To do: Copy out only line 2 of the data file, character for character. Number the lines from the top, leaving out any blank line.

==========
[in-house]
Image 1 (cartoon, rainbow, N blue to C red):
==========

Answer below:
Image 1 (cartoon, rainbow, N blue to C red):